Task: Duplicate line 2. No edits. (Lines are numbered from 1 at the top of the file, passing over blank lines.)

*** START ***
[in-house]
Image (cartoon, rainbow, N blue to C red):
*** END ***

Image (cartoon, rainbow, N blue to C red):